Milford Graves’s visual and sonic transmissions have shaped and been influenced by Black traditions rooted in Afro-Caribbean culture. Each aspect of his performances, from the guttural sounds that emerge from his diaphragm to the elastic ways he bends and shifts his lithe body, function as gestural forms of communication with the ancestors. Ars Nova Workshop and ICA are honored to present Rhea Combs and Greg Tate in dialogue to provide further context on how Graves’s work is situated within Black aesthetics.
Rhea Combs is Curator of Film and Photography at the Smithsonian’s National Museum of African American History and Culture. She also serves as the head of the museum’s Earl W. and Amanda Stafford Center for African American Media Arts. Combs has curated film exhibitions nationally and abroad for the Schomburg Center for Research in Black Culture in New York City, the National Black Programming Consortium, and the Institute of Contemporary Arts in London, to name a few.
Greg Tate has been a leading voice on contemporary Black music, art, literature, film, and politics since launching his career at the Village Voice in the early 1980’s. Through his signature mix of vernacular poetics and cultural criticism, Tate elucidates how race, gender, and class shape popular culture, and why visionary Black aesthetics, philosophies, and politics help define 21st-century America. He is also a musician, leading the experimental soul-jazz-hip hop ensemble Burnt Sugar The Arkestra Chamber.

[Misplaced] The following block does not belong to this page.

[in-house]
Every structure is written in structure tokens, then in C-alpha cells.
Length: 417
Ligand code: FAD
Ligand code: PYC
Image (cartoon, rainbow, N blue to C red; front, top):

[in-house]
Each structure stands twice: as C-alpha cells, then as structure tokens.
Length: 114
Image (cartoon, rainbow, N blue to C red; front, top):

This program is co-presented by Ars Nova Workshop.
Live captioning will be provided for this program by Caption Access. Please contact Natalie Sandstrom, Program Coordinator, at firstname.lastname@example.org with any questions.
This program is free and open to the public. It will be conducted virtually via Zoom. To register, click here.
Major support for Milford Graves: A Mind-Body Deal has been provided by The Pew Center for Arts & Heritage, with additional support from the Andy Warhol Foundation for the Visual Arts and the Joseph Robert Foundation. Additional support has been provided by Nancy & Leonard Amoroso, Cecile & Christopher D’Amelio, Carol & John Finley, Amanda & Andrew Megibow, Norma & Larry Reichlin, and by Caroline & Daniel Werther.
Programming at ICA has been made possible in part by the Emily and Jerry Spiegel Fund to Support Contemporary Culture and Visual Arts and the Lise Spiegel Wilks and Jeffrey Wilks Family Foundation, and by Hilarie L. & Mitchell Morgan.
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